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RV Electrical Tutorial

multimeter

 

Chapter 8 - Low Voltage Circuits

Motorhomes are meant to be used when 120 volt shore power is not always available. It would be a real pain if every time you walked into your motorhome you had to fumble around in the dark to start the generator so that you could turn some lights on. That's why RVs have 12 volt battery powered electrical systems as well as 120 volt AC electrical systems. The 12 volt system provides power to operate the interior lights and the many other 12 volt electric systems within the coach. These systems will be connected to the coach battery bank via a 12 volt fuse panel that is located somewhere inside the coach. A converter or inverter/charger will also be connected so that these batteries can be recharged when necessary.

Fantastic Vent Fan
Typical Roof Vent Fans

Powered roof vent fans, such as the one pictures above, are common in today's motorhomes. In addition, you'll undoubtedly find that you have a tank monitoring system to check the levels of your fresh water, propane tank, and holding tanks. Your refrigerator and hot water heater are designed to run on either 120 volt AC current or propane. But, you will need 12 volt power to operate the igniter and the control circuitry for thee. Even the light bulb inside the fridge is powered by 12 volt power. Basement compartment lighting and power awnings are other examples as is the power steps that allow you to enter your motorhome.

Battery Disconnect Solenoid
Battery Disconnect Solenoid

If you were to leave your motorhome parked for an extended period of time and shore power was not available, the various loads on the 12 volt circuits would eventually drain the batteries. RVs have a battery disconnect switch, which is generally located close to the entrance door. This switch controls a battery disconnect solenoid. This solenoid is a latching solenoid. In other words you send it power to move it but you do not have to continue feeding it power in order to hold it in that position. This makes it perfect for an RV because it won't consume any battery power when parked. Pressing the rocker switch in one direction will shuttle the solenoid to the open position while pressing the rocker switch in the opposite direction will send the shuttle in the other direction and close the circuit. This allows for an easy way to shut down the 12 volt power to the coach while you are away. If you are plugged into shore power, this is not necessary.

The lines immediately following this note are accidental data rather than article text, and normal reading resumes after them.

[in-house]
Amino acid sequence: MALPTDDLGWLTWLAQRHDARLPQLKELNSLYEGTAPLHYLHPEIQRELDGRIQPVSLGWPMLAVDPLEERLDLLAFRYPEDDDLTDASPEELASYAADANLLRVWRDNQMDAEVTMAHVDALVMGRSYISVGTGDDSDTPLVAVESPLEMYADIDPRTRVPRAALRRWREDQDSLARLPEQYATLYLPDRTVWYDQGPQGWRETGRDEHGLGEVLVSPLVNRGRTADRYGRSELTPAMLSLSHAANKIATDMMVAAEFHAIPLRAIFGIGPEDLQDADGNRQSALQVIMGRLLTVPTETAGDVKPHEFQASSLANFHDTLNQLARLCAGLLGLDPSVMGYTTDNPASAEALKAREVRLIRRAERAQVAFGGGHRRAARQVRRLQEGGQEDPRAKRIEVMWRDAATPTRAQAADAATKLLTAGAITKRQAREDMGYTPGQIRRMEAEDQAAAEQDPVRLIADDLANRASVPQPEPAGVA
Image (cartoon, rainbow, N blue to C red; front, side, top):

Water Pump Controller
Water Pump Controller

Your fresh water tank needs a water pump in order to pump water to the faucets when you are not connected to a campground's pressurized water supply. This pump generally has a number of switches located by the various plumbing fixtures so that you don't have to run to a central panel to turn on the water pump. In order to allow all of these switches to control one water pump a water pump controller is used. A water pump controller is another latching relay. IT allows a number of switches to send a small trigger signal to turn the controller's relay on or off. The relay will then take a 15 amp power feed and send it to the water pump to turn it on. The controller also sends out an "on" signal to all of the indicator lights that are located by the switches throughout the coach so that the user knows whether the water pump is on or off.

Voltmeter
Voltmeter